In “The Gang Saves the Day,” the group witnesses an armed burglary while shopping at a convenience store. As they huddle in an aisle, each character imagines what they would do to take control of the situation. Mac, who desperately wants to be seen as a formidable martial artist, envisions himself fighting a crew of Yakuza thieves.

The elaborate scene was shot in 1 1/2 days. If it were filmed for an action movie, Scizak said, it would have taken a month. And while the Tom Cruises of the world typically have months to train for such fights, McElhenney, who performed most of the stunts, only had a day to prepare.

“He essentially said, ‘Just make me look badass,'” Scizak said. “It was a very, very large undertaking and I think it turned out really nice.”

— An Unpleasant Ride

While most of the stars aim to perform their own stunts, Olson is particularly keen on doing so.

“She is so incredibly talented that it is so hard to double her because nobody has her delivery, her body mannerisms, the ability to match her so well,” Scizak said. “On bigger gags where she’s going to get hurt, we have to kind of reel her back a little because she just goes for it.”

In a scene from “The Gang Goes to a Water Park,” Dee and Mac get stuck inside a tube slide meant for children and are repeatedly pummeled by the young riders coming down behind them.

“We were literally dropping kids down on [Olson] as her face is getting smushed up against the top of the tube,” Scizak said. “She didn’t feel like it sold right and wanted to go harder with the kids.”

— Dee Can’t Win

In “Who Pooped the Bed?,” which aired before Scizak joined the show, Dee tries to steal shoes that are a tad too small. As she rushes out of the store with them on, she falls and bangs her head against a car, leaving a dent and triggering a car alarm.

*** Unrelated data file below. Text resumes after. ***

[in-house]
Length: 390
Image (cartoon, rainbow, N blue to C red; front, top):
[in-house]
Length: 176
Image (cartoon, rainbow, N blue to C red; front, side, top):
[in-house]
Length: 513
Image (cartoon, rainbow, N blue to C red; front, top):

The scene was initially shot with a stunt double — Scizak’s predecessor thought it was too dangerous for Olson — but the cast asked that she give it a try anyway. “She did that and it ended up being genius,” Scizak said. “It was amazing, and she does that stuff all the time.”

— Cricket Knows His Parkour

Another favorite is from “A Cricket’s Tale.” A minor character, Rickety Cricket (David Hornsby), steals a baguette and escapes by performing parkour down a stairwell. In the same episode, Cricket jumps out of a window, tumbles onto a roof and lands on a moving truck. “There were no wires on hand,” Scizak said. “That was obviously a stunt double but it was a really fun scene.”

— Frank Breaks the Rules

DeVito, 73, doesn’t shy away from the action either.

In a challenging scene from Season 12, also in the water park episode, Frank rides a towering, dry slide that is closed off to customers. Charlie tries to lubricate the surface with water, but Frank inevitably ends up burning his back.

The shoot posed too many hazards to DeVito so Scizak brought in a stunt double. “Danny’s ability to do the physical comedy is pretty amazing,” Scizak said. “I think if we asked him to, he would have done it.”